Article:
If the cover of this section makes you nervous, well, it's supposed to. Guns make people uncomfortable. Even as a subject, start talking about guns and it's as though you were brandishing one. Perhaps that's because it is one of those topics about which people seem to have very strong opinions.
Personally, my attitude toward owning a gun is roughly the same as my attitude toward buying lottery tickets. You probably think that I'm speaking in non sequiturs but, actually, the two concepts are related. It all has to do with statistical probabilities, which can be comforting or disturbing, depending upon your frame of reference.
According to statistics, it is more likely that a drunken terrorist or a tornado-flung oak will kill me en route to the convenience store to buy the lottery ticket than that I will ever scratch my way into a higher tax bracket.
As far as guns are concerned, according to another set of stats, I am more likely to die in my home of gunshot wounds if I own a gun than if I do not. Add to that equation that I'm not all that handy--it has been over a year and I have yet to graduate to PROGRAMMING in the VCR manual because I am still stuck on CLOCK--and I can state with some authority that gun ownership is probably not a great idea for me.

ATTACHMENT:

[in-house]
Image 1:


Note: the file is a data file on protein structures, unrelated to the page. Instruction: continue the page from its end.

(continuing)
But according to another set of statistics, which can be found in staff writer Jeff Meyers' Centerpiece story, there are a lot of regular folks--most of whom, I'll bet, have figured out how to program their VCRs--who are buying guns for their homes and taking lessons on their proper use.
Meyers went to local gun stores and shooting ranges in search of subjects for this story, and although he found plenty of people to talk to, not all of them were that interested in talking back.
"I found gun owners suspicious and wary of reporters. They assumed that any article on guns would be a negative anti-gun diatribe portraying them as trigger-happy rednecks with gun racks mounted in their pickups," Meyers said.
"The gun owners I met all were down-to-earth, responsible citizens focused on gun safety. They enjoy a day at the firing range the way golfers like an outing at the driving range. And they feel persecuted by a media and public they believe does not understand the issues."
To understand the issues himself, Meyers spent a lot of time test firing a Taurus .38 Special. A tough job, but someone had to do it.
"You're undoubtedly wondering if after this article I'm going to buy a gun," he said. "The answer is no. I'll probably get a dog."